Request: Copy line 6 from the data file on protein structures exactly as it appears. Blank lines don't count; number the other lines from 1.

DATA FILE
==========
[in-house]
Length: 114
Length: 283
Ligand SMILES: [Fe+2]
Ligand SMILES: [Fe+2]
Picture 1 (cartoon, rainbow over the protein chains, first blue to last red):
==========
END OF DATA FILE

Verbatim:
Picture 1 (cartoon, rainbow over the protein chains, first blue to last red):